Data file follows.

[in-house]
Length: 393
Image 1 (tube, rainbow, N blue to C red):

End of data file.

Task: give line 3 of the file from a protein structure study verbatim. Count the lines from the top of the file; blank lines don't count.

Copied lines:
Image 1 (tube, rainbow, N blue to C red):